..the historical-political facts of life..

      ..are that the big winner of the minnow-parties..

      ..is hands-down..peters/nz first..

      ..the gold card is cited..

      ..but i have as much respect for the free-healthcare for under six-year old he negotiated out of a national govt..

      ..and in doing so he turned back the tide of stripping healthcare away..the de-socialising of healthcare rampant at the time..(another rogernomic-orgasm causing collective loss of sense..)

      ..and the biggest losers in/of the minnow parties..are the greens..

      .a few pink bats..(and good on them..!..)..is about it..

      ..for some 12 yrs in parliament..

      ..and i agree..aside from some greens sliding their arses into ministerial limos/perks..

      ..cabinet collective-responsibility will emasculate/silence the green-leadership..

      ..and they may well end up with little more in govt..

      ..than they have got to date outside..

      ..so..the personal ambitions of those individuals who will become ministers to one side..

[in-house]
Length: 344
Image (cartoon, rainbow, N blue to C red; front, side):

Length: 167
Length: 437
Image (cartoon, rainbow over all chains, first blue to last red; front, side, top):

..it may serve the greens/environment more for the green party choosing to offer their support to legislation on a case-by-case basis..

      ..this may well give them more power..

      ..than they will get from signing up to a formal coaliition..

      ..from sliding into those ministerial bmw’s..

      • phillip ure 1.2.1

        russel norman just gave a really good interview on q&a…

        ..talking a lot about economics..and talking sense..rational-alternatives to what this govt is currently doing..

        ..and that is good..

        ..(but some emotion around environment-issues/poverty wouldn’t go amiss..)

        ..interesting how the best longform interviews lately have been from the smaller parties..

        ..from peters on the nation yesterday..and norman just now..

    • Jim Nald 1.3

      It will be interesting to see the approach in the coming months that the Greens will take.

      As for Winston, what is the source please for “This time around Peters is demanding that any coalition partner drop any plan to raise the age of superannuation entitlement to 67″ ?

      Ah ok, I see there have been a few, the most recent going back to five months ago:

      http://nzfirst.org.nz/news/alarmist-campaign-raise-pension-age

      http://nzfirst.org.nz/speech/king-canute%E2%80%99s-courtiers-and-silver-tide

      “Surely you must have read or heard their numerous dire warnings of unaffordability of National Super.

      “The problem doesn’t end there.

      “Labour has foolishly plumped for lifting the pension age to 67.

      “In our view this is a serious mistake.

      “The Labour party under Michael Joseph Savage and Peter Fraser led New Zealand from the Great Depression and did more to ease poverty than any other government.